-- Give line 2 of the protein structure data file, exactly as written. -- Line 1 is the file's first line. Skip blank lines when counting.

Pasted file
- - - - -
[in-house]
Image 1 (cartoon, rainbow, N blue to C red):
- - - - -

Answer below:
Image 1 (cartoon, rainbow, N blue to C red):